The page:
God’s Promise: I Am With You
Lesson Three

October 19, 2018
God's Promise Lesson 3 Moses Blesses Israel by He Qi
God's Promise Lesson 3 Moses Blesses Israel by He Qi

Lesson Three: God With Us in Our Discouragement

Primary Scripture: Joshua 1:1–9; Haggai 1:1–15, 2:1–9


I saw a picture of sand this week. And it blew my mind.

The picture was in a book called A Grain of Sand, by Dr. Gary Greenburg. The grains of sand are magnified to 300 times their actual size. And the pictures are glorious! Go to http://sandgrains.com/Sand-Grains-Gallery.html to check them out.

What do you think? Did you ever imagine something as small as a grain of sand could hold such splendor?

If I’ve thought about grains of sand at all, it’s been when I was blinking them out of my eyes on a windy beach day or shaking small piles of them from my kids’ shoes after a happy hour in a sandbox. Sand has most often been an annoyance, not a source of hidden beauty. And really, the first word that comes to mind when I think of a single grain of sand is insignificant. A grain of sand is such a small thing, after all.

Which brings us to the book of Haggai in lesson three of God’s Promise. (You’ll have to bear with me. Nearly everything brings me back to the book of Haggai lately. Through my study for and since writing this Bible study, I have discovered and rediscovered such rich relevance in this little prophetic book. I keep returning to it.)

In lesson three, we explore how God’s promise to be with us can give us courage or encourage us when we might otherwise lose heart. In the story we find in Haggai, the people of God are in the midst of rebuilding the temple. We see in chapter one how the Lord stirs their spirits after years of inactivity, so they actually get to work on the house of the Lord (Haggai 1:14). But it doesn’t take long for discouragement to set in and for them to lose heart.

In Haggai 2:3, God names the source of their discouragement—“Who is left among you that saw this house in its former glory? How does it look to you now? Is it not in your sight as nothing?” You see, the people are looking at their efforts and their efforts seem small and insignificant. The results they’re getting look like nothing to them.

What efforts have you been making lately that seem small or insignificant? What work has yielded results that look like nothing to you?

It is hard not to get discouraged, isn’t it? When most of our days are filled with “small things” like dishes, laundry, errands, cooking, cleaning, meeting, typing, calendaring, emailing. The tasks of our everyday lives—working, caretaking, homemaking—are so often mundane and repetitive, it is easy to lose heart, to begin to feel like our work is insignificant or, at best, simply small. Far from splendorous.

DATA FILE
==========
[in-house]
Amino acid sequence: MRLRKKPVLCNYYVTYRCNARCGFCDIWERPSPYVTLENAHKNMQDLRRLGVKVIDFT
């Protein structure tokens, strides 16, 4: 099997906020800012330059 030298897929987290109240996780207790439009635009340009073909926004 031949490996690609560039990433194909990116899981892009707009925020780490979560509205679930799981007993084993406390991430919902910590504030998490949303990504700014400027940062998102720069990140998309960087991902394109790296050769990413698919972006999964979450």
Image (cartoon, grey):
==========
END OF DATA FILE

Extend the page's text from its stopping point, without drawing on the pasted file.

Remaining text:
Or perhaps your work is and has been significant—important, vital, urgent. Perhaps you have been working for the alleviation of suffering, for justice or equality at a local or larger level. Maybe you have been working passionately for years . . . but the results feel like a tiny drop in a leaking bucket. It doesn’t feel like any progress has been made and your efforts have been in vain.

In the face of such discouragement, God says to God’s people (to us!), “work, for I am with you” (Haggai 2:4).

And then God underscores that promise by emphasizing what God, coming alongside our work, will do. “I will shake the heavens and the earth and the sea and dry land; and I will shake all the nations, . . . and I will fill this house with splendor” (Haggai 2:6–7).

God promises to be with us in our work, however small and insignificant it may seem to us, however mundane and repetitive. Though the results we see may disappoint us, God promises a latter splendor.

If today feels like it’s filled with small things, hold on to God’s promise in Zechariah, spoken to the same discouraged, temple-building people, that on the day the temple is completed, “Whoever has despised the day of small things shall rejoice” (Zechariah 4:10). Though your work and the results may seem small now, trust that there’s a day of rejoicing coming. Just think of the sand, so seemingly insignificant, and see the splendor it holds.

Amy Poling Sutherlun
Author of the 2018–2019 PW/Horizons Bible Study


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